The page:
Ten ways Pope Francis can renew the Catholic church's relationship with women

The realm of sex and reproduction in particular is an area where the Vatican needs to improve its approach to its female followers.

 

What do you call a man who has become the leader of 600 million women?

Pope Francis.

Cardinal Jorge Maria Bergolio, as he was, is an unassuming Argentinian Jesuit. As Archbishop of Buenos Aires, he acquired a reputation for a concern for social justice and eschewing the Episcopal limousine in favour of travelling by bus.

The vast institution he now leads is the oldest in the western world; its relationship to women characterised by paradox. Its priesthood is all male and apart from Eastern Catholics and Anglican converts, unmarried. Yet the most important saint in its communion, revered as the Theotokos (God-bearer) and Queen of Heaven, is the Blessed Virgin Mary and women, who tend to be more religious than men, form the backbone of its congregations. Despite this modernity poses new challenges for Catholic women particularly in the realm of sex and reproduction. As he gets ready to lead the Church through its great feast of Easter for the first time as supreme pontiff, Pope Francis also faces the task of renewing the Church’s relationship with women. Here are ten ways he could do that.

1. Start in the Vatican itself. There is a broad consensus that the Vatican’s bureaucracy, the curia, is in urgent need of reform. The curia in its current state is also marked by its dearth of women: the highest-ranking woman in the Vatican is a Salesian, Sister Enrica Rosanna who is undersecretary of the Congregation for Institutes of Consecrated Life and Societies of Apostolic Life. The clamour for curial reform affords Pope Francis a golden opportunity to sweep out the back-scratching, occasionally backstabbing bureaucratic old guard and promote female excellence in the corridors of power.

2. Direct the reforming spirit downwards and outwards. Just as bureaucratic ineptitude isn’t limited to the Vatican; neither should a drive for professional civil servants with representative numbers of female staff end there. Church agencies, Bishops Conferences, diocesan offices should be dragged out of their sleepy complacency and firmly manoeuvred into a new era of industry and competence. As part of that drive female talent should be identified and nurtured.

3. Turn all Catholic workplaces into centres of excellence for family-friendly employment. Catholic social teaching stresses that access to employment and the professions should be open to all without unjust discrimination. The principle is a noble one but it needs to be underpinned by action to remove barriers to employment and the ones which women face are strongly linked to their family roles. Flexi-time, workplace crèches, allowance made for women who have had to take career breaks, all these should be the norm in the 21st Century Catholic Church workplace.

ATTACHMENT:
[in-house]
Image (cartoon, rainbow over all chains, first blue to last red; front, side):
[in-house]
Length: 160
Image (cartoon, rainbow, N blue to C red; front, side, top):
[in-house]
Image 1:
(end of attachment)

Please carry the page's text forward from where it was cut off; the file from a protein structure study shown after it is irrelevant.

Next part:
4. Take a lead in providing affordable childcare. The Catholic Church teaches that couples should be open to the gift of life, a principle which is made harder to live up to by women’s economic needs. At the same time research suggests women in the UK are not having as many children as they would want and that one of the obstacles they face in combining their reproductive and economic aspirations is a dearth of inexpensive childcare. We are used to free Catholic schools, why not free or cheap Catholic-run nurseries available to Catholics and people of all faiths and none too?

5. Invest in research into fertility awareness. One of the key areas of contention between Catholicism and feminism is the Church’s rejection of contraception. Yet the Catholic Church also accepts that “responsible parenthood is exercised by... those who for serious reasons and with due respect to moral precepts decide not to have additional children.” The Catholic Church can plough funding for research into fertility management which complements rather than compromises its core principles.

6. Put women and their needs at the heart of its Pro Life activism. The Catholic Church’s opposition to abortion is where its most significant confrontation with feminism occurs. Elective pregnancy termination is also a commonplace in modern industrialised nations. A creaking Pro Life lobby is ill-equipped to consider why women opt to have abortions and what they need to continue their pregnancies willingly. Enlightened leadership by the new Pope would see a rejuvenated Pro Life lobby being as tough on the causes of abortion as abortion itself.

7. Education as a good in itself and a key to women’s liberation. The Catholic Church was a pioneer in educating women and today educates ten of millions of women and girls worldwide. This is good but there’s still for improvement. Education leads to quantifiable improvements in women’s lives yet some 61 million children, an estimated 60 percent of which are girls, are denied access to education. The new Pope comes from an order, the Society of Jesus, which is justly famed for its educational mission; a campaign utilising the Jesuits’ centuries of experience and expertise to provide an education to every child in the world would ensure Francis’ papacy left a lasting legacy of good for women worldwide.

8. Women’s rights are human rights. Vatican documents are studded with references to the dignity of women and decrying their mistreatment. The Holy See also has Permanent Observer status at the UN and diplomatic relations with 176 states. The Catholic Church is thus uniquely placed to advocate for and assess progress on women’s rights at the local and national level. Inspired leadership from Rome could see use made of existing diocesan and parish structures to advance women’s rights, not just in lofty international conferences but on the ground, from the grassroots upwards.